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Preliminary Design, coming next month: All eyes will be on the design plan coming in August for our church parking lot and Peace Stones.  Our church leaders will present the preliminary design and engage our congregation in offering feedback.  Now in July, having removed diseased trees, we arein a quiet period of executing a survey of our lot, recording the elevations, and allowing the architect and engineers to design the best outcome and way forward for our church.  We await with much anticipation.

 Timely pledge payments:Following through on our pledge contributions is critical when the demands are great on our church. As you make your financial contributions whether by check or online payment, remember to note if your contribution is for our Operating Budget (OB) or for

Great Expectations (GE).

 Blame and Vain:There is no small amount of blame going around on the unending war in Iraq.  Few in our Congress actually voted against the invasion but the worst predictions concerning the consequences of military adventures are, sadly, coming true.  In July we fly the flag and many of us sing, "bombs bursting in air," as our National Anthem, but not only on Memorial Day do I think of lives lost in war.  I think at other times when we fly the flag –Independence Day, Veterans Day, Armed Forces Day— how each generation has its war, some generations more than one war, and how easy it is to be caught up and march to "the drum major instinct," as Martin Luther King, Jr., often said.  King was criticized for infusing his non-violent ethic into foreign policy and the subsequent wars of southeast Asia in which our country was involved at the time.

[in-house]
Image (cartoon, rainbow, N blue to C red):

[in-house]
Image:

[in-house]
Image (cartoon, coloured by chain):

I don't think I've heard a political leader suggest that any soldier ever died in vain, or that a veteran now suffering from combat injury paid such a price in vain.  But what do family members of soldiers lost and suffering veterans think?  I think there are needless wars in American history and wrong-headed and misguided decisions, no matter how well-intentioned or patriotic those decisions and causes seemed at the time.  I think there have been flat out mistakes, creating death and destruction that was unnecessary and in vain, for soldiers and civilians.  Elected officials are typically loathe to say such things for fear of being unpatriotic and losing elections. But I have thought ever since my generation's war, Viet Nam, that we, as a nation, ought to acknowledge the men and women who enlist in good faith who occasionally (maybe often) die in vain, for a wrong-headed or misguided cause. Telling the truth about the ambiguity and fog of all wars might buffer the next generation from becoming overcome by the drum major instinct, inherent in us all.  And we might prevent misadventures in the name of nationalism.  And it might be patriotic to speak such truth.  We might regard lives lost more dearly. I'm reminded of what one Benedictine draft counselor monk said to me years ago, "Each generation must be taught about war." These things I will be contemplating this Fourth of July as, I hope, all citizens will be doing each time someone is singing, bombs bursting in air.